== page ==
Today’s apparel retailers can choose from unending menu of high-tech offerings promising to transform their business. But not all technological tools–particularly those calling themselves artificial intelligence (i.e. fashion AI)–are created equal.
In fact, after the 2019 NRF Big Show, the LA Times boldly announced that retailers are wasting their time on tech that looks exciting, yet doesn’t ultimately serve merchants or their customers.
Sure, there are fashion AI platforms that pack more pizzazz than punch.
But most apparel retailers are savvy enough to tell the difference. Here are three AI applications that apparel retailers are using to boost productivity, drive profits, and improve customer experience.
Help Online Shoppers Complete the Look
Shoppers are hip to the reality that merchandisers don’t have enough time to put real thought into website product recommendations. Sometimes, the products even compete with, rather than augment, the item a shopper is viewing. And, the process of generating product suggestions can be laborious and time-consuming.
That’s why apparel retailers are turning to “complete the look” technology to reduce the time merchandisers spend manually suggesting items and to make automated suggestions more effective than ever. Adidas, for example, recently partnered with AI platform Findmine to take kick product suggestions into high gear.
Before adding AI to the mix, Adidas’ online “complete the look” tool took merchandisers 27 steps and about 20 minutes per product. Beyond that, the manual process resulted in fewer than 10% of the brand’s products appearing in recommendations, according to Chain Store Age. Adidas knew that the potential revenue lift from e-commerce would be much greater if they could recommend full looks, rather than individual items.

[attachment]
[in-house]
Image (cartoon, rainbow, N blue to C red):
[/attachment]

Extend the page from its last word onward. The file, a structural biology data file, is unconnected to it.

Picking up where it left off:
Adidas may have been skeptical that programmed outfits could rise to the standards of those generated by a merchandiser. Yet after an initial 6-week A/B test, it was clear that neither merchants nor customers could tell the difference between looks generated by fashion AI platforms and those suggested my Adidas employees.
With fashion AI at work powering their “complete the look” tool, Adidas has seen powerful results. Adidas decreased the time merchandisers spend on recommendation-related tasks by 95 percent and increased the number of items featured in “complete the look” by 960 percent. Brian Klavitter, Adidas’ senior director of consumer experience, says this fashion AI tool “helped ensure that our newest products have cross-selling from day 1, improving conversion, average order value, and customer satisfaction.”
Expedite and Enhance the Design Process
The fashion industry will always be driven by a high degree of gut feel. The best fashion AI applications—perhaps more appropriately described as “augmented intelligence”—arm human designers with cutting-edge tools to more effectively perform their jobs.
Take the recent collaboration between Tommy Hilfiger, Fashion Institute of Technology (FIT), and IBM to spark design inspiration. The partnership showcased what that happens when the industry’s most creative minds capitalize on its most powerful technology. As Forbes describes, FIT students applied IBM’s fashion AI tool to hundreds of thousands of Hilfiger’s product and runway images to existing patterns from fabric sites.